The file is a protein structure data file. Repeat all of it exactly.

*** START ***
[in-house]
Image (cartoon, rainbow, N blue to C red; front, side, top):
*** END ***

[in-house]
Image (cartoon, rainbow, N blue to C red; front, side, top):